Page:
What happens if someone takes 5, 11, or 550 times the recommended dose of LSD? Logic says, surely nothing good. Yet, these 2020 case reports indicate wildly dangerous psychedelic overdoses could be nothing short of miraculous.
Psychedelic researchers have campaigned against the “good vs bad trip” concept for years. They theorize these potent compounds are complex “non-specific amplifiers”, broadly activating neural activity and sensory experiences without predetermined targets or outcomes. In other words, psychedelics induce unpredictable changes. They are not inherently positive or negative.
So, what happens if someone takes 5, 11, or 550 times the recommended dose of LSD? Logic says, surely nothing good. Yet, these 2020 case reports indicate wildly dangerous psychedelic overdoses could be nothing short of miraculous.
AV’s Overdose – A Bipolar Disorder Cure
AV needed a miracle.
She became embedded in the mental health system in 1997 at twelve years old. Her adolescence, rife with hospitalizations, failed treatments, and shifting diagnoses, left her psychologically impaired.
AC started hearing voices in her head as a child and initially received a “nonspecific psychosis” diagnosis. She also experienced bouts of depression and couldn’t function in school
Doctors recommended light box therapy, using intense artificial light to improve her mood. But the treatment inadvertently sparked hypomania instead. AC stopped sleeping and started believing she could buy a town in Mexico and become its mayor.
Consequently, doctors diagnosed her with bipolar disorder.
In a fateful twist, AV attended a summer solstice party where she accidentally consumed 1,100–1,200 mcg of LSD–11 times the recreational amount (100 mcg).
AV’s next six-and-a-half hours were mayhem. Partygoers reported erratic behavior followed by AV fetally curled with arms and fists clenched. Some thought she was seizing and finally called an ambulance.
The next day, AV’s father recounted her words: “It's over.”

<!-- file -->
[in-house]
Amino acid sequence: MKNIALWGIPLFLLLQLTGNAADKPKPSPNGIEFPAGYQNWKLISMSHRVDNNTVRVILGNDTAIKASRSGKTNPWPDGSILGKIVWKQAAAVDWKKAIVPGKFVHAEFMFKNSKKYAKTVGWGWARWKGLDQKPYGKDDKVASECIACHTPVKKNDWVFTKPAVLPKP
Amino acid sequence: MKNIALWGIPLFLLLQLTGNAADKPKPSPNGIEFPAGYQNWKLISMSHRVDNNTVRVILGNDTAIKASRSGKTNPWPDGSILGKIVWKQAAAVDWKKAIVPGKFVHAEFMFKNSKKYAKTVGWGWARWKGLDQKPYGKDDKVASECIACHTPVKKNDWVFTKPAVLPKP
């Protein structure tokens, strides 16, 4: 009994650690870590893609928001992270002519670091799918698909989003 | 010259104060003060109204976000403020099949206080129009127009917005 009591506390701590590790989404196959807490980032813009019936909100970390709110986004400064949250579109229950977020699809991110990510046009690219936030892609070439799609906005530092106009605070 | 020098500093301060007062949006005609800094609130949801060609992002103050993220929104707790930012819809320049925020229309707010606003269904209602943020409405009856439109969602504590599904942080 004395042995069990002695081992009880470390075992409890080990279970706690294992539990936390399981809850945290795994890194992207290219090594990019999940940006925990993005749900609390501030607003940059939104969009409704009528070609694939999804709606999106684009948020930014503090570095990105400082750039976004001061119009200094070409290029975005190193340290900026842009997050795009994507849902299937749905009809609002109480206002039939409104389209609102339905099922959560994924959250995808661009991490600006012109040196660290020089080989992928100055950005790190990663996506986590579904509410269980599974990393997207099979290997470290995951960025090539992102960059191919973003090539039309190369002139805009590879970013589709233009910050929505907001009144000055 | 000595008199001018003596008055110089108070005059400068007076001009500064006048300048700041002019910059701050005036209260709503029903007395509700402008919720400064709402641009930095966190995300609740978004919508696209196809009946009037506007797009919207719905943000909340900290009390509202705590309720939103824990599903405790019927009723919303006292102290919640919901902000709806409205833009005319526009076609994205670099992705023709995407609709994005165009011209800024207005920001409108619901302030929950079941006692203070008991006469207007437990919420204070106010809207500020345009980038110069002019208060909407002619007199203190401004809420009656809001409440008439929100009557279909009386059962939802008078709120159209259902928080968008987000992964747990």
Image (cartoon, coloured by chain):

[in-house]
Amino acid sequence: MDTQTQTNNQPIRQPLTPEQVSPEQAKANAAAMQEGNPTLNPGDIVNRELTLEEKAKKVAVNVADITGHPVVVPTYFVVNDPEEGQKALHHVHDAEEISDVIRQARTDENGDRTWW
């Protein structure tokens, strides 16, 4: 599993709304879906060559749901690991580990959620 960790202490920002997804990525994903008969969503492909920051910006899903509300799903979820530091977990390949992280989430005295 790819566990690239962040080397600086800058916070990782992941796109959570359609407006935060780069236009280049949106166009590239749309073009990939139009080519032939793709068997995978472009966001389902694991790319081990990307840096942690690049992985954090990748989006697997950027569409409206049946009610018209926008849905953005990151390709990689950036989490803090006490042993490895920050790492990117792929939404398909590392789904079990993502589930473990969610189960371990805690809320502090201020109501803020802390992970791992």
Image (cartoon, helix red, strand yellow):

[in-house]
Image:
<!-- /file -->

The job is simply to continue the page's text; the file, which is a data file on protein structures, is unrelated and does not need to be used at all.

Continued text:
She didn’t mean the trip. She meant the long-standing battle with bipolar disorder.
Subsequent evaluations revealed a startling mental reset. Case notes from her mental health team on July 11, 2000, read, “AV ‘came in today with a lovely fine balance and a glint in her eye.'
Seven months later, she began tapering off lithium, used to manage her bipolar symptoms. Less than a year later, AV eliminated all pharmaceuticals.
Thirteen years post-incident, AV remained symptom-free, except for periods of postpartum depression. She is stable, employed, and socially adjusted to this day.
CB’s Overdose – Pain Relief After 550 Times the Recreational LSD Amount
CB’s story is one of a 49-year-old who grappled with chronic pain from Lyme disease. For over a decade, she relied on morphine, taking up to eight 10-mg daily to manage the intensity.
Then, something extraordinary happened.
In the quiet of her home, CB unintentionally snorted 550 times the recreational amount of LSD, thinking it was cocaine.
Researchers have not documented a lethal dose. But, they estimate that 14,000 mcg could cause death. CB took approximately 55,000 mcg, nearly four times that amount.
CB began intensely vomiting and entered a surreal state, frothing at the mouth. Her roommate said she mainly sat still, eyes rolling back in her head, spouting nonsense for the first twelve hours. For the next twelve, she felt “pleasantly” high and began communicating again.
CB’s pain vanished the next morning, and she instantly quit morphine without withdrawal. Considering insomnia, cravings, flu-like effects, and gastrointestinal distress typically follow abrupt pain med cessation, CB’s experience was incredibly enigmatic.
The pain eventually re-emerged, and she resumed taking morphine. But at a much lower amount along with microdosing LSD.
Three years later, she eliminated all pain meds, again with zero withdrawal. In the immediate aftermath, however, anxiety, depression, and emotional sensitivity increased.
LSD wasn’t a magic bullet for every challenge. But a dose that should’ve killed her left her pain-free.
NM’s Overdose: LSD Did Not Harm Her Pregnancy
The third case report chronicled a 26-year-old woman, NM, who attended the same summer solstice party as AV. She didn’t experience spontaneous healing following the LSD overdose. But, LM was unknowingly two weeks pregnant, and 500 mcg of LSD did not impact the baby’s development.
Eighteen years later, NM, her son, and his uncle report the young man is intelligent, easygoing, socially adjusted, and physically fit.
How Could These Reports Impact Future Research?
Literature suggests LSD overdoses cause acute psychological distress at best and prolonged psychiatric disorders, coma, or death at worst.
But AV's transformation from bipolar turmoil to peace and CB's unexplainable pain relief indicate researchers have much more to learn about psychedelics. Considering overdose trials are dangerous and downright unethical, reputable journals must continue publishing novel cases as they arise. Because unexpected positive impacts of high-dose journeys warrant a deeper inquiry,
Experts can’t predict whether psychedelics are good or bad based solely on the dosage or setting. Their power is much more mysterious, far less than dichotomous than that.
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